New Jersey on Wednesday enacted a half-dozen new gun control laws, tightening its already strict statutes as advocates applauded and critics questioned whether they will achieve their aims.
Democratic Gov. Phil Murphy signed the legislation in Trenton alongside Democratic legislative leaders and the bills' sponsors, who moved the legislation shortly after a mass shooting at a Florida high school in February that left 17
New Jersey joins a list of states, including Florida and Vermont, that have enacted gun control legislation since the shooting, which set off a series of rallies across the country aimed at reducing gun violence through tighter laws.
Alfonso Calderon, a student from Marjory Stoneman Douglas High School in Parkland, Florida, was on stage with Murphy, and both encouraged voters to elect candidates this fall who back "common sense" gun legislation. All U.S. House and one-third of the Senate seats will be on the ballot.
"The majority of America's youth knows we need this change to survive in our own schools," Calderon said.
The six measures will:
—Require a mental health professionals to warn law enforcement if a patient threatens serious violence against themselves or others
—Allow for an extreme risk protective order if a court deems someone poses a significant danger to themselves or others. The temporary court order bars the subject from possessing or purchasing a firearm or ammunition.
—Require background checks for private gun sales
—Lower the magazine capacity from 15 rounds to 10, with an exception for a popular .22-caliber rifle.
—Require residents to show a "justifiable need" to get a carry permit.
—Prohibit body-armor-penetrating ammunition.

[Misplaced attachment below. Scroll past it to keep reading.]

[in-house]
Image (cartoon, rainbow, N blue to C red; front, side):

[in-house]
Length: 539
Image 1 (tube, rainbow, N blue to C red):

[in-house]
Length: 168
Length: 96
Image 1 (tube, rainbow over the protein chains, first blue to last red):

While the legislation has earned the praise of gun control advocates, including Moms Demand Action for Gun Sense, who attended the bill-signing wearing bright-red T-shirts, it also has merited scorn from gun rights advocates who say the measure won't increase safety.
"None of the bills signed today will make anyone safer," said Scott Bach, executive director of the Association of New Jersey Rifle and Pistol Clubs, said in a statement. He said lawmakers have limited residents' ability to defend themselves while missing an opportunity to make schools safer and prevent those with mental health issues from acquiring firearms in the first place.
The group has filed a lawsuit seeking to overturn the limit of 10 rounds, claiming it would be ignored by "criminals and madmen."
Hopewell Valley High School sophomores Ethan Block and Alex Franzino have been active in organizing gun control events in the region and attended the Wednesday event wearing orange shirts with "Students Demand Action" printed on them. They said they were encouraged to become active in the issue because of Parkland.
"Don't be afraid to use your voice," Franzino said.
Murphy, who succeeded term-limited Republican Chris Christie this year, campaigned on the promise to strengthen the state's laws. Current state law bans assault weapons, limits magazine clip sizes and requires permits to carry a concealed weapon.